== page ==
Monetary Policy is a macroeconomic policy that is concerned mainly with the actions of the Reserve Bank of Australia on behalf of the government to manipulate the cash rate, thus influencing the cost and availability of money in the economy, to affect the level of aggregate demand. The primary goal of the Monetary Policy is to achieve price stability by ensuring that inflation as measured by the CPI stays within the target range of 2-3% on average per annum. By targeting inflation it allows for the other key objectives of economic growth and full employment to be achieved.
The supply of money is measured in a variety of ways. Two commonly used measures of the money supply are M3 and Broad Money.
1. M3: This is calculated to be the total volume of coins and notes in the hands of the general public, plus any deposits in the bank, plus any deposits that building societies and credit unions have with the banks.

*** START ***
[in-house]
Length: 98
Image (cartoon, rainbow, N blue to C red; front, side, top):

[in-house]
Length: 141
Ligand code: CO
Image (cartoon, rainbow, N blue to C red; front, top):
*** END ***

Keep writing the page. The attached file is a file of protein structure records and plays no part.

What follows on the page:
2.Broad Money: As the name implies, this measure of money is slightly more inclusive than the measure of M3. Broad money is M3 plus any deposits that are held with Non-Bank Financial Institutions (NBFIs). An NBFI is a financial institution that is licensed to hold deposits, but is not a bank. For example, building societies, life insurance companies and superannuation firms are all NBFIs.
*The Rba targets inflation because:Low inflation is seen as a precondition for the achievement of other key objectives. In order for sustained economic growth to occur, low inflation is necessary as it ensures that both consumer and business confidence will exist, assisting in making our exports internationally competitive and works towards generating employment. If inflation is beyond the target of the RBA, they will implement contractionary monetary policy to stifle aggregate demand.